Judging by Satan's popularity in news accounts and police reports these days, you'd think Satan had been elected to Congress or won the Pulitzer Prize. But it's not true, says J. Gordon Melton, director of the Institute for the Study of American Religion in Santa Barbara, Calif. and one of the country's leading experts on cults. In fact, there is no surge at all in Satan's popularity. "The only surge we're seeing is the spread if misinformation," Melton says. "Malicious, suspicious, and ritualistic acts are being attributed to Satanism, and people are buying into it."
Melton has launched a one-man crusade to get what he considers the truth out to the public. Using an extensive survey he completed in 1986 as his guide - "The Evidences of Satan in Contemporary America" - Melton makes his case frequently before groups and in interviews. Most misinformation regarding Satanism comes out of police agencies, Melton maintains. That's because, in the absence of true satanic groups, law officials have to blame "something concrete," he says.
"What we've got is creation of imagination, paranoia, and general ignorance," Melton says. "We've got wild speculation and jumps in logic. What we don't have is the truth. One story perpetuates another, and, before long, 'experts' in police departments are conducting seminars on a topic they don't really understand."
At the Phoenix Police Department, police spokesman Andy Hill says the agency analyzes every incident that has satanic overtones. He blames a majority of these crimes on "kids caught up in experimentation." "It's safe to say that most of it isn't hard-core. We're usually dealing with copycat crimes," he says. " I wouldn't consider Satanism a big problem here in Phoenix. We know it exists, but it's more underground than anything else."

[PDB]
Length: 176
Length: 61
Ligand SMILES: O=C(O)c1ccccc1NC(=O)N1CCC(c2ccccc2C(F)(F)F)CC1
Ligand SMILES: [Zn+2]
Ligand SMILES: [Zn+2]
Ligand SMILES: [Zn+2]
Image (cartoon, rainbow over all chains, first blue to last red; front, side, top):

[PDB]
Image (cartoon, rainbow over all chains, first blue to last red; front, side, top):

According to Melton, only three established satanic cults exist: The Church of Satan, a San Francisco based group headed by founder Anton LaVey; a splinter group, the Temple of Set, also in San Francisco and headed by Michael Aquino; and the Church of Satanic Liberation in New Haven, Conn., led by Paul Douglas Valentine. Total membership in all three groups is "probably less than 3,000," Melton says. Those followers are the true Satanists, and their numbers haven't varied much in the last two decades, he says. Many of the acts blamed on Satanism are committed by teenagers who are bound together b drugs and violence rather than demons. While they may use satanic imagery in their deeds, Melton says they are "play- acting" the role of worshipping the Prince of Darkness. "It's true we're hearing a lot of satanic references in today's music, but that's pure commercialism," he says. "Just because your teenager gets wrapped up in certain rock 'n roll doesn't mean he's into the occult."
Some of the conclusions that support Melton's studies to combat the theory of international satanic conspiracy include:
Moreover, a good portion of the misinformation on Satanism - which Melton says is really a "parody of religion" - comes out of evangelical Christian publishing houses. With that bias, "it's easy to see how misinformation breeds," he says.
Melton contends that open satanic groups pose no public threat. If there is cause for concern, it would be the small, ephemeral satanic groups, mostly consisting of young adults or teenagers and possibly led by psychopaths or sociopaths. "These are the groups that cause immediate danger to themselves and society at large. That's where police should be concentrating their efforts," he says. "In the meantime, we've got to get out of this satanic mentality and get our labels straight."
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